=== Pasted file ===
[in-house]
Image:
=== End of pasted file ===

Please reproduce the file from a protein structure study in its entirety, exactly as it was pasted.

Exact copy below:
[in-house]
Image: